Really? Having people show their I.D. is on here as some sort of travesty of justice? Good grief. We hear about voter fraud all the time. Of drunks and homeless people being picked up, put on a van and taken to precincts all the time to vote a certain way. Having a valid I.D. would eliminate this practice. But I didn't need to tell you this - you know it. We all know it. We didn't come to this site because we we're stupid. We came here because we know that there is things like voter fraud going on. And to have this article basically telling us to be in shock that Wisconsin is requiring proof of who you are and where you live...well, it's insulting.

Seriously, you have been "hearing" about voter fraud because it has become a partisan talking point designed to create cover for this effort to disenfranchise millions of potential voters. No one said you were stupid just because you have bought into the hype.

Rather than feel unintentionally insulted, I challenge you to present any significant and documented evidence of the claims about people rounding up homeless or drunk citizens to vote in Wisconsin. The fact is that people still have to be registered to vote or be able to demonstrate that they live in the precinct (and people who have lost their homes may not have money but they still have a right to vote if they can show some documentation of where they reside).

You have been grossly misled about the statistical odds of voter fraud versus the more widespread problems that have been documented in recent years of people's votes being accurately counted before winners are declared.

Please feel free to post any evidence you have about prosecutions for voter fraud in Wisconsin in the past three, five, ten years or more. You will discover, contrary to some claims, it to be exceedingly rare. To stop something that might have occurred in perhaps .000001 of all votes, millions are likely to be denied the right to vote across the country.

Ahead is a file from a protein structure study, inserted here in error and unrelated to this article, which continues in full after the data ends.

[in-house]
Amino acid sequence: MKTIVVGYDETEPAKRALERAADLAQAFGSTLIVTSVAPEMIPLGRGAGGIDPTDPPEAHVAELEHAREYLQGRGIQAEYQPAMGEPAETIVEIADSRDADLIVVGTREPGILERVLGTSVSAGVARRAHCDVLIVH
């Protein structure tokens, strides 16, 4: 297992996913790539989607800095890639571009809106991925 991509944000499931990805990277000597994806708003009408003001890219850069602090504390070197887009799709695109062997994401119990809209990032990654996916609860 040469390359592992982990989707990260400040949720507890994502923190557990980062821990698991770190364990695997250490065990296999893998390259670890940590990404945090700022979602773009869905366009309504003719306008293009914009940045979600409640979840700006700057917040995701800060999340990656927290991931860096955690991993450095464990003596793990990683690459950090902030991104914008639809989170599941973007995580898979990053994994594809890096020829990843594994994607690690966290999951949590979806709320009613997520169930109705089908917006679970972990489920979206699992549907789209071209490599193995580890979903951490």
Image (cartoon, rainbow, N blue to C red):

In most states, before this wave of changes to the law (changes that are part of the ALEC agenda and also part of the Karl Rove plan to shed a couple percent of likely voters in swing states), a person could present proof of residence (a recent utility bill) or an expired driver's license (which only means you cannot drive, not that you are not who you are), and be able to exercise a core right in a democracy, the right to vote.

The changes to the law were designed to make it more difficult for many people, mainly people considered likely to vote Democratic, more difficult to vote. People in cities who use public transportation, who don't drive or don't have a car, often do not have a driver's license. The elderly and people with disabilities often do not have a driver's license but use other forms of identification to obtain benefits or medicine.

The bill was also deliberately written in ways to make it difficult for a college student to vote where he or she lives most if not all of the year. Many college students do not change the driver's licenses they got at age 16 from their parents' home, but have been able to establish identity and residency to vote where they live during college through showing a lease, for example. The bills would basically require poll workers to turn away student voters away even if they are obviously citizens who reside in the district where the voting booth is located.